Different Kinds of Fruit
ABOUT DIFFERENT KINDS OF FRUIT
In this funny and hugely heartfelt novel from the Newbery Honor-winning author of Too Bright to See, a sixth-grader’s life is turned upside down when she learns her dad is trans
Annabelle Blake fully expects this school year to be the same as every other: same teachers, same classmates, same, same, same. So she’s elated to discover there’s a new kid in town. To Annabelle, Bailey is a breath of fresh air. She loves hearing about their life in Seattle, meeting their loquacious (and kinda corny) parents, and hanging out at their massive house. And it doesn’t hurt that Bailey has a cute smile, nice hands (how can someone even have nice hands?) and smells really good.
Suddenly sixth grade is anything but the same. And when her irascible father shares that he and Bailey have something big–and surprising–in common, Annabelle begins to see herself, and her family, in a whole new light. At the same time she starts to realize that her community, which she always thought of as home, might not be as welcoming as she had thought. Together Annabelle, Bailey, and their families discover how these categories that seem to mean so much—boy, girl, gay, straight, fruit, vegetable—aren’t so clear-cut after all.
Kyle Lukoff is the author of many books for young readers. His debut middle-grade novel, Too Bright To See, received a Newbery honor, the Stonewall award, and was a National Book Award finalist. His picture book When Aidan Became A Brother also won the Stonewall. He has forthcoming books about mermaids, babies, apologies, and lots of other topics. While becoming a writer he worked as a bookseller for ten years, and then nine more years as a school librarian.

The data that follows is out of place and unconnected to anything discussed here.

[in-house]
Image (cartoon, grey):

★ “Kyle Lukoff’s remarkable Different Kinds of Fruit will be as meaningful to young readers today as Judy Blume’s Are you There God? It’s Me, Margaret was for generations of readers before them.” – BookPage, starred review
★ “Lukoff masterfully portrays the personalities, both child and adult, that Annabelle comes to know, believes she knows, and those whom Annabelle questions can ever know her…This one belongs in every library serving grade-school kids.” – School Library Journal, starred review
★ “This is a valuable, informative, entertaining, and realistic read for middle school students.” – School Library Connection, starred review
★ “Lukoff reflects diversity in the world around Annabelle while also heightening her awareness of spaces that are not as inclusive as they claim to be and exploring what to do with that understanding. Inquisitive, engaged, and action-seeking.” – Kirkus Reviews, starred review
★ “Lukoff offers a story with vivid, well-rounded characters that never talks down to kids… Themes of inclusion and privilege in today’s society are seamlessly integrated into the familiar plot of a kid’s first crush, and the focus on the great ways that communities can come together to keep everyone within it safe is a gratifying through line.” – Booklist, starred review
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